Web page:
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Food Fest Scotland: Radio DJ Edith Bowman on the foodie childhood inspiring her new TV series

© Curse These Eyes photographyColin Murray and champion oyster shucker Tristen Hugh-Jones
Colin Murray and champion oyster shucker Tristen Hugh-Jones

Growing up in her parents’ hotel in Anstruther, Edith Bowman was exposed to the blood, sweat and tears of running a restaurant and it sparked in her a lifelong love affair of good food.

“In that environment, the kitchen table was always the centre point of the conversation and food revolved around that shared experience,” she said. “It’s that social aspect of food I like – feeding my kids or having my friends round.

“People underestimate the work that goes into running a hotel or restaurant, so having my family do it for years was an amazing insight into that world. I remember Patterson’s fruit and veg lorry arriving every Monday and my aunt bartering down the price of tomatoes, and the butcher coming down and cutting the meat in our huge fridges. The food was all locally sourced. Then there was the joy of serving it to people.”

The broadcaster has put the insight and interest gained from spending her youth at The Craw’s Nest Hotel to good use for new television show Food Fest Scotland, in which she travels around the country with her old Radio 1 colleague Colin Murray to meet innovative food makers.

“It was great to put a spotlight on local produce and business. It feels like that is at the core of the show and, personally, it was also the appeal of travelling around and getting to eat nice food.”

Bowman, who has two sons, Rudy and Spike, with Editors’ singer Tom Smith, visited food festivals such as The Peebles Show and Stranraer Oyster Festival for the series. She also recorded versions of the series in Northern Ireland and England, which will go out on daytime TV at a later date.

© Curse These Eyes photography
Edith Bowman.

“Food festivals are a big tourist pull,” she said. “Like the Stranraer Oyster Festival, which is an annual event unique to the area. It’s lovely how the community embraces that and it becomes a celebration of the community. There’s also the rise of farmers’ markets. It’s very easy to take that little thing you’ve created or grown or produced and then set up a stall at a farmers’ market.”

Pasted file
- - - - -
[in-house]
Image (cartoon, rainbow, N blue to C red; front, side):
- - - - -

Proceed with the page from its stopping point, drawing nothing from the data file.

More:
One of the highlights of making the series for Bowman was returning to her home of Anstruther to film an episode, which included a trip to the famous fish bar. “It was great filming there. We went to Bowhouse, a formerly derelict series of farm buildings that were renovated a few years ago and are now a family of little businesses – a microbrewery, a butcher, a café, and Scotland The Grain, a community-led grain business that makes and sells flour locally.

“I’ve done a fair bit of filming in Anstruther. As much as I can, I’m up there celebrating and highlighting the area. I did a piece for Countryfile and some adverts for LNER trains, where we showed my mum with her little gang of wild swimmers – a lovely community that gathers at the tidal pool every morning at sunrise.

“My mum gets so annoyed when I go home because I might be known to go to the chippy on the way to hers, and even my kids ask if they can stop there before going home. The two local lads running it now are doing a great job.”

Bowman has passed on her love of cooking to eldest son, Rudy, who is 14. “He and I are going to do an Indian cooking class soon. He’s really into cooking. He watches lots of YouTube cooking channels and he also did one of Prue Leith’s Japanese cooking courses for a day. We got him it for his birthday and he absolutely loved it. Cooking Japanese food is one of my favourites, and it’s on our to-do list as a family to go to Japan and do a bit of exploring before the boys get too old.”

© BBC Scotland
Presenters Edith Bowman and Colin Murray.

Getting to co-host with Colin Murray again was another highlight of working on the show for Bowman. Next month marks 20 years since the pair began presenting their Radio 1 show.

“It’s crazy that it’s been 20 years,” she said. “It’s gone in the blink of an eye. We’ve not worked together in ages. Colin’s a workaholic and he’s doing amazing; I’m so happy for him with Countdown.

“He came to visit about six months before we got this show and he spent the day catching up. It felt like we’d only seen each other the day before.

“It was brilliant to work with him again. I had to take the kids on one of the shoots due to Tom and I both working at the same time. So we were all in Stranraer and then we took the boat over to Belfast the following day for more filming. It was nice for them all to hang out.

“Also, Colin drives everywhere because he finds it relaxing. So we did a big drive in Scotland and I wish we’d filmed it because it was so much fun chatting away and picking tunes and having a singalong with him.”

Food Fest Scotland, BBC One Scotland, tonight, 8.30pm